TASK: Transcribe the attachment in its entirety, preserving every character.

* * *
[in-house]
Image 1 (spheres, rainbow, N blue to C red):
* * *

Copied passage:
[in-house]
Image 1 (spheres, rainbow, N blue to C red):